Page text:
Accès direct au contenu

 

logo du site ENS

Retour à l'accueil du site

Search

Accueil  >  Projects

Print

Physics

Synchronization in neural network

The research project is under the co-supervision of
Nicolas GARNIER                                    LIU Zonghua
(Physics, ENS de Lyon)                          (Physics, ECNU)
nicolas.garnier@ens-lyon.fr                    zhliu@phy.ecnu.edu.cn

The synchronization of clocks to a unique time has allowed humans in modern societies to be more efficient in their common or cooperative tasks, e.g., by orchestrating activities from different groups and different places. Such cooperative organization is ubiquitous in biological systems : periodic oscillations are observed in their behaviors and functions. In that case the synchronized behavior presents a well identified frequency which is the useful frequency of the biological function, e.g., heart beating, circadian rhythms. Sometimes, synchronization is less obvious, as no period can be measured in the function under study : short-term memory is based on synchronized brain oscillations whereas Parkinson disease has been associated with abnormally synchronized oscillatory activity of the basal gangliacortical loop.

Understanding synchronization phenomena is an active domain in several fields of research, including Physics and Complex Systems. In this context, systems are often organized in terms of networks and the question we are addressing here is how network structure influences the tendency for a network to synchronize (its synchronizability). We are especially interested in neural networks, a network being here an ensemble of coupled cells (the neurons). The network structure can be characterized by several parameters: cells composing the network can be of distinct species, and therefore described by different dynamical equations. It is the case in a vast class of networks and especially in a recent model of the uterus that we have proposed, as well in models of the suprachiasmatic network. The ratio of cells from each specie, as well as the spatial distribution of cells of each specie in an heterogeneous network are relevant parameters to get insight into its functioning. The coupling strength is another important parameter in heterogeneous networks.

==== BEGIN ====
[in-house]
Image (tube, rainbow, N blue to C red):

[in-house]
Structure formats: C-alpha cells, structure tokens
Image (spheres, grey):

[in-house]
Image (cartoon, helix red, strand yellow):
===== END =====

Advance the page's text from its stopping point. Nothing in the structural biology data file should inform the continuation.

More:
- the structure of the network can still be modified by the topology of connections between cells : the coupling between cells is either local or global, and can be located between adjacent or remote cells.

- the behavior of the network is also affected by the presence of intrinsic or extrinsic noise, which can then lead to stochastic synchronization.

While a precise description is obviously important, our experience has been that simple models amenable to the level of analysis and description obtained in statistical mechanics and nonlinear physics, can lead to very important insight. Our research is carried out in this spirit.

The system we study is the the suprachiasmatic nucleus (SCN), which is the primary circadian clock in mammals. It is composed of a large network of 2 × 104 coupled neurons, located in the hypothalamus and receiving information about illumination through the eyes. In the absence of exogeneous periodic forcing (zeitgeber) like the alternance of nights and days, circadian arrhythmicity is observed. Not only the endogeneous periods can then deviate from 24h and scatter in a wide range for different species, but also the SCN neurons may split into two subgroups oscillating with the same endogeneous frequency but in antiphase (phase splitting phenomenon).

Top of the page

 
 
Last update April 8, 2013
Ens de Lyon
15 parvis René Descartes - BP 7000 69342 Lyon Cedex 07 - FRANCE
Tél. : Site René Descartes (siège) : +33 (0) 4 37 37 60 00 / Site Jacques Monod : +33 (0) 4 72 72 80 00